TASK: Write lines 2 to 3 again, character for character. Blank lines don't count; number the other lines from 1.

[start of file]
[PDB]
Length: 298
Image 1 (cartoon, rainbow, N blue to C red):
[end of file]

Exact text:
Length: 298
Image 1 (cartoon, rainbow, N blue to C red):